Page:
‘I am Mary’ protest raises awareness of the ongoing lack of safety for pregnant women

On 21 April 2021, in Parliament Square, five pregnant women held a vigil and protest to honour Mary Agyapong, the 28-year-old pregnant nurse who died of Covid-19 this time last year. Wearing ‘I am Mary’ t-shirts, the women asked the government to do more to protect pregnant women from contracting Covid-19 at work.

We recently released figures from a new study of over 18,000 mums and pregnant women, which revealed that a huge 57% of pregnant women working outside of the home do not feel safe. A further 76% of pregnant women working outside of the home say they cannot socially distance at work, and less than half (48%) say their employer is following a mutually agreed risk assessment, despite this being unlawful.

Joeli Brearley, Founder and CEO Pregnant Then Screwed, said ‘‘The death of Mary Agyapong cut deep for so many of us. We had hoped that this tragedy would trigger a change in the guidance for pregnant women to ensure others were better protected from Covid-19, but no such guidance was forthcoming despite pressure from our charity and other groups. It took the government nine months to issue specific guidance for pregnant women in the workplace and our research shows that employers are still not adhering to it. Ultimately, this lack of adequate protection, and lack of enforcement, is putting the lives of these women and their babies at risk.’’

Joeli Brearley continued, ‘Study after study has shown that pregnant women, particularly those in the third trimester, are more likely to be admitted to ICU, up to three times more likely to give birth prematurely, and have worse maternal outcomes than pregnant women without Covid-19, including abnormalities in the placenta causing fetal compromise. This safety risk isn’t going anywhere even with the recent announcement that pregnant women are now being offered the vaccine, it will still be a few months before they are called for their injection and not all pregnant women will feel confident in taking it. This must be dealt with carefully and compassionately as we begin to relax restrictions. Pregnant women’s safety is paramount and Pregnant Then Screwed continues to call on the government to ensure all employers suspend pregnant women on full pay if they cannot keep them 2 meters away from other people at all times.’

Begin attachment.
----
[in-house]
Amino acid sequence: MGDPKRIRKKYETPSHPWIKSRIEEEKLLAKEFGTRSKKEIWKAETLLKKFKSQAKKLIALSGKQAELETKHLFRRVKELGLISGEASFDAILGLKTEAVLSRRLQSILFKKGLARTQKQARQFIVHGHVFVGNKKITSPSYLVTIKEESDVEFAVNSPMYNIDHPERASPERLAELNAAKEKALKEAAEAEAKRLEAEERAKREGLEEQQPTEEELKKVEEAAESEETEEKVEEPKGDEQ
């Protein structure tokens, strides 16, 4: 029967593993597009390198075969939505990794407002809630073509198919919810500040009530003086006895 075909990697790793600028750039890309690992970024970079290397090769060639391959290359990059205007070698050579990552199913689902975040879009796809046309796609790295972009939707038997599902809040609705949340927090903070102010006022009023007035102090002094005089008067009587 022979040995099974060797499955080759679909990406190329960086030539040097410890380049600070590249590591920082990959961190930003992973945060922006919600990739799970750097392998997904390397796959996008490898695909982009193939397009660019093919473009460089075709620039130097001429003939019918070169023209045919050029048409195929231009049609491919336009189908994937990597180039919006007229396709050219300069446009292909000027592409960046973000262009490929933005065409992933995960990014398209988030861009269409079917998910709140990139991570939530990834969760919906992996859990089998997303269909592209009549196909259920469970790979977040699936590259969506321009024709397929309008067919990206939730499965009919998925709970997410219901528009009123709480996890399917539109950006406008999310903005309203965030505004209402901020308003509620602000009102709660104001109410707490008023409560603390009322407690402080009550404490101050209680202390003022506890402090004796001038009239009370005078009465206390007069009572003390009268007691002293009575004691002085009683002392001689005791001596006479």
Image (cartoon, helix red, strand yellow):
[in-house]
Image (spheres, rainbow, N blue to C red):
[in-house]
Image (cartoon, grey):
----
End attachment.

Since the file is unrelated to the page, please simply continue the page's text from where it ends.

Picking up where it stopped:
Currently, almost one-third of pregnant women (29%) are working outside of the home, and only 4% of pregnant women have been suspended from work on safety grounds.

Ernest Boateng, the husband of Mary Agyapong, said, ‘My beautiful Mary died over a year ago. Her tragic death was totally unnecessary, and it could have been averted. It has left me without a wife and my children without a mother. Since that day, I have been campaigning for better protections for pregnant women in the workplace, but a year later, we are still finding that 57% of pregnant women working outside of the home feel unsafe. This is not right. The government must do more to ensure pregnant women, particularly Black pregnant women, are protected from contracting Covid-19. I don’t want another family to have to go through what mine has been through these last 12 months.‘’

Ernest wrote to the Prime Minister in October last year asking that he do more to protect pregnant workers. He never received a response.

Pregnant Then Screwed and Ernest Boateng are calling on the government to intervene as a matter of urgency to prevent more pregnant women from dying.


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